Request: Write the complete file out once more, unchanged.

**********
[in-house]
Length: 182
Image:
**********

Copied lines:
[in-house]
Length: 182
Image: